He was head of Safety and Efficacy of Medicines at the European Agency of Medicines for almost seven years, and he is an internationally recognized expert in the clinical development of drugs. Now he is back in Barcelona, we have taken the opportunity to speak to him about scientific development and to learn about his projects on the regulation and development of drugs.
You divide your time between London and Barcelona. How would you compare the situation of public research in our country?
Biomedical research is below the minimum level whatever country you compare it with. Management of the current financial situation is far from easy, but statements made by many political leaders and economists have implied that measures will be applied to preserve what is most substantial in this area. Unfortunately, the data show that this is not the case however much the figures are smoothed down. Direct and indirect financial aid to biomedical research has been cut dramatically and this places the future of the country in these areas at risk.
On the other hand, although biomedical research in the UK has also been reduced in the past 10 years, in this case the economic crisis has only contributed marginally. The United Kingdom is still an important part of the global context, even though it is true that a range of competitive elements developed in USA and Asia have negatively affected the country.
With the lack of public aid, philanthropy is becoming increasingly more important for the survival of research projects. This can be seen by the recent meeting with experts, organized by the Esteve Foundation. What should be done to promote sponsorship in science and for society to understand its importance?
Decisive legislation on sponsorship is required. My position is clearly directed at English models where we have seen greater levels of success.
We need simple, transparent regulatory systems, in which those who have some financial resourses -and particularly those with a lot – feel objectively attracted to investing part of their resources in biomedical research projects.
Saying it like this makes it appear simple, but the lack of leadership and competence of some politicians and academic and industrial leaders to launch innovative and creative measures have left us at a standstill.
Next May, we are once again collaborating in the course, Keys for bio ventures in times of crisis, organized by the Fundación Escola Emprenedors and the Asociación de Biotecnólogos de Catalunya. Does this encourage young people to start up ventures in spite of the outlook?
Without a doubt. Current ventures of entrepreneurs are not limited to biomedics, but this is what I know best. Young researchers have the energy, vision and required knowledge; these three attributes are essential, but there is also a fourth one which they are also able to do: attract investors through excellence.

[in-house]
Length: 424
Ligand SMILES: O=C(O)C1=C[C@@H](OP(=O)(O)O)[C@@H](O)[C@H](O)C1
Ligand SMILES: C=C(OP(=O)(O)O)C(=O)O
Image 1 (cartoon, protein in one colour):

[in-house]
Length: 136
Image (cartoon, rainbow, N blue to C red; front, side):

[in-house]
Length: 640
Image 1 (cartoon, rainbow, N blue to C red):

If our country survives the crisis with a certain competitive structure in the area of biomedic research, this will be due mainly to the enormous amount of talent and efforts of everyone involved in the creation of projects and companies.
What is the best recommendation you could give to young people who decide to start out on a business venture related to biomedicine or biotechnology?
1) Not to limit themselves geographically, 2) to seek excellence, and when they have it in sight, to go beyond it, 3) to associate with other people and institutions which can mutually benefit from collaboration, 4) to never stop collaborating- this is one of the magical phases of entrepreneurship-, 5) to recognize the areas they do not know, 6) to surround themselves with good advisers in areas they do not know, and to subject themselves to transparent and flexible “peer reviews”, 7) to carefully follow international success cases, 8) to accept sooner rather than later that a product should be discontinued, 9) that those in a company who have led the pre-clinic development of a product know how to trust experts in clinical development and not to interfere unnecessarily, and 10) to surround themselves with the best and trust in them.
A couple of years ago, you set up a consultancy office in Barcelona on the regulation and development of drugs, and you have recently created the Support Business Center. Who can benefit from your experience and to whom is your new business centre addressed?
The (DDR, Drug Development and Regulation, www.ddrmedic.com) consultancy office was indeed set up in Barcelona and London two years ago. It provides services to governments in the regulation of research and medicines and health products. It also promotes educational activities through courses in various universities and institutions in Europe and the USA, and lastly it advises biopharmaceutical companies on regulatory strategy, along with specific activities in Europe (EMA and member state agencies), USA (FDA) and in Japan (PMDA).
The Support Business Center (www.supportbusinesscenter.com) is a new challenging initiative, which offers an excellent space in the centre of Barcelona, furnished with all technical requirements and administrative, legal, tax and computer back-up, for small biomedical companies and entrepreneurs to have a place and tools to contribute to their success. The centre also provides co-working options, a virtual office and meeting room.
We know that you follow our series Pharmacotherapy revisited. In what branch of pharmacology would you like to see their most outstanding articles printed.
I have been a follower of Pharmacotherapy revisited for a number of years, and I think that the contribution of this series has been magnificent and I only hope it continues in the future. A special area of interest is the search and establishment of suitable doses for new medicines, and in this regard, the progressive development of personalized medicine.